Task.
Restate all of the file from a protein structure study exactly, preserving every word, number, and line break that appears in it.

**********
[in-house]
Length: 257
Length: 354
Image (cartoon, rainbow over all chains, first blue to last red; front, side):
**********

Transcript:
[in-house]
Length: 257
Length: 354
Image (cartoon, rainbow over all chains, first blue to last red; front, side):